Following my “Stories about Jesus: how they fit together, and what he means for us today” post a couple of months back, a missionary friend got in touch wondering what this all meant for the “job of the missionary” in the secular Western context. My typical way of answering this sort of question is to spend so long reviewing the biblical narrative that there is little space left at the end to consider the practical implications—I’m not much of a missiologist. This post will be no different, but in my defence I will argue—as a non-missiologist—that telling the story of the creator God as a matter of history is, in fact, the primary task of the missionary in the secular Western context.

Ascension Day and the Coming of the Son of Man

I’m afraid I missed it, but yesterday was Ascension Day. Dang. Ian Paul, however, reposted a good piece making the important point that whereas John’s Gospel makes the crucifixion the climax of Jesus’ ministry, the New Testament as a whole pursues the narrative through the resurrection to the ascension and exaltation of Jesus. We often miss this emphasis because our tradition downplays it and because we don’t read carefully. Quite!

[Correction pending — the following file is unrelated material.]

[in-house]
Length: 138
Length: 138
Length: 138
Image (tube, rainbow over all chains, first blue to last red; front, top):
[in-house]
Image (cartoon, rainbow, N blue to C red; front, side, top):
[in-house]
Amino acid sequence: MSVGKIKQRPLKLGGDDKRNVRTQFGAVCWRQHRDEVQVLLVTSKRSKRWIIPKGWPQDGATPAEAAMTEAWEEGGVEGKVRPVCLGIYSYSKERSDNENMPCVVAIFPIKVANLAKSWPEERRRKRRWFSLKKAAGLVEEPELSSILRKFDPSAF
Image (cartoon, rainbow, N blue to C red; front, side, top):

The beginning and the end of Trinitarianism: a response to Fred Sanders

In a recent article on the Christianity Today site Fred Sanders argues that “We Actually Don’t Need a Trinitarian Revival”. He has heard widespread rumours of the death of Trinitarianism and he thinks that they are “grossly exaggerated”. Where the “everything-you-know-is-wrong diagnosis” fails is in not recognising a basic distinction between primary and secondary forms of Trinitarianism—a distinction which Sanders attributes to Robert Jenson.